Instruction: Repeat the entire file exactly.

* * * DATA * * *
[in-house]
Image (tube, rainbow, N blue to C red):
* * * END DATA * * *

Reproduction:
[in-house]
Image (tube, rainbow, N blue to C red):